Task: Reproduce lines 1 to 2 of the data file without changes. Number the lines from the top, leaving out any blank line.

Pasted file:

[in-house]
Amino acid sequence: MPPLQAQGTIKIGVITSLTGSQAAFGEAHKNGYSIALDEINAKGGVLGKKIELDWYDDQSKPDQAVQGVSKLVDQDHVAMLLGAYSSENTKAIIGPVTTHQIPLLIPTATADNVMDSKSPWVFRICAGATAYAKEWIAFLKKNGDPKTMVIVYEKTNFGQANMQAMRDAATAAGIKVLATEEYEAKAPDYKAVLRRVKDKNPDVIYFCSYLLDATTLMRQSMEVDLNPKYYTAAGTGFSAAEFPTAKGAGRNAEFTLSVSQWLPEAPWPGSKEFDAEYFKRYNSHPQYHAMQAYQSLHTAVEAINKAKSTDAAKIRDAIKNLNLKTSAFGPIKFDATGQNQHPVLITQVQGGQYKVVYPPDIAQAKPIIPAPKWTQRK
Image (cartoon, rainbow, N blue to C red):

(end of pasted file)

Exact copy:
[in-house]
Amino acid sequence: MPPLQAQGTIKIGVITSLTGSQAAFGEAHKNGYSIALDEINAKGGVLGKKIELDWYDDQSKPDQAVQGVSKLVDQDHVAMLLGAYSSENTKAIIGPVTTHQIPLLIPTATADNVMDSKSPWVFRICAGATAYAKEWIAFLKKNGDPKTMVIVYEKTNFGQANMQAMRDAATAAGIKVLATEEYEAKAPDYKAVLRRVKDKNPDVIYFCSYLLDATTLMRQSMEVDLNPKYYTAAGTGFSAAEFPTAKGAGRNAEFTLSVSQWLPEAPWPGSKEFDAEYFKRYNSHPQYHAMQAYQSLHTAVEAINKAKSTDAAKIRDAIKNLNLKTSAFGPIKFDATGQNQHPVLITQVQGGQYKVVYPPDIAQAKPIIPAPKWTQRK